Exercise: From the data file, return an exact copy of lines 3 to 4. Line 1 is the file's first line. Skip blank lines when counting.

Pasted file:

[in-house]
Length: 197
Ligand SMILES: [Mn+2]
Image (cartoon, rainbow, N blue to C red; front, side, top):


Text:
Ligand SMILES: [Mn+2]
Image (cartoon, rainbow, N blue to C red; front, side, top):